This looks great! I'm also working on a low-power Arduino (well, Sanguino) variant, specifically for parasitic / energy harvesting power sources (http://www.arduino.cc/cgi-bin/yabb2/YaBB.pl?num=1281416433/6)
It includes interchangeable power shields for various sources (solar/battery, piezo, peltier, RF), but nothing explicitly for charging LiIon yet.

Looks like yours is further along, though - my boards are on a monthly batch order that only went out to the PCB house yesterday.

Did you get a chance to measure the sleep current on this design?

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@48X24X48X
Do you need the 22pF caps on the watch xtal, or is that in case you can't find a 6pF xtal.

I ask because I'm doing something similar with a 1284, I don't have room for the caps but a 9pF xtal shouldn't need them with that processor.
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If you decide to try your hand at calibrating I would certainly like to hear how you get on.

I will definitely post it here if I manage to get it work. smiley

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Hmm, the processor has a 32kHz crystal, so it should be able to automatically calibrate. I think there exists an application note that describes this process but I seem to be able to find it with Google right now.

I think the application note is AVR053 but it doesn't need a 32kHz crystal for this calibration process. The programmer (AVRISP/JTAG/STK500) will supply a 32.768kHz clock to the MCU for calibration. I found that we can write the OSCCAL register directly in AVR Studio but we have to point where the value is in EEPROM or flash using one of the programmer. So, in this case we don't have to load this value in the sketch.

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It includes interchangeable power shields for various sources (solar/battery, piezo, peltier, RF), but nothing explicitly for charging LiIon yet.

I made something similar for my company usage where we have different power shields, RF shields, and sensor interface shields that fits into different applications. But, we were using ATmega128 as our board was based on Crossbow's Micaz at that time. It provides flexibility but it gets annoying when your stacking goes higher and higher although we were using low profile board to board connector (1.00mm pitch).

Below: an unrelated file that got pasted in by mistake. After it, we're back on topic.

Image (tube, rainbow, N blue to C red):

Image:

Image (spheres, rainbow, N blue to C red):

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Did you get a chance to measure the sleep current on this design?
I have yet to measure yet because I went straight to the 2nd revision as I changed the buck-boost converter (LTC3530) to TPS63001 instead as it uses so much less external components and cheaper too! But if I recall correctly, using ATmega128 and similar setup, it was around 40 uA. I didn't go for very low LDO design like MCP1700 as I think some other shields might need more than the 250 mA for the 3.3 V rail. For example an XBee Pro module. Once, I get the 2nd revision up running, I will post the current during power save mode here. smiley

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Do you need the 22pF caps on the watch xtal, or is that in case you can't find a 6pF xtal.
The crystal load capacitance is 12.5pF. I estimate the stray to be around 5pF and using C=2CL-CS it comes out to 20pF actually. But I have a reel of 22pF lying around, so I think might as well give it a try.
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Higher load capacitance implies less pullability. Thus in doubt better precision.

With regard to the callibration: I thought the RC oscillator is much more affected by temperature. Hence a recallibration at startup might be reasonable to improve precision.

Udo
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Higher load capacitance implies less pullability. Thus in doubt better precision.

Thank you for pointing that out. I will try to find a crystal with lower load capacitance, probably 6pF.
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I don't get your point. If you go for lower load you will get more pullability and thus less precision / stability. Is this what you are aiming for?

Udo
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If you go for lower load you will get more pullability and thus less precision / stability.

Yes, you are correct as the pullability is proportionally to the inverse of load capacitance square. I was also thinking of removing the 2 capacitors (that's why I was saying about 6pF crystal, smiley), but obviously it will increase the ppm value too.
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OK, got it.

I looked up your schematics. The power path controller and the regulator come in very small packages. How did you solder those?

Udo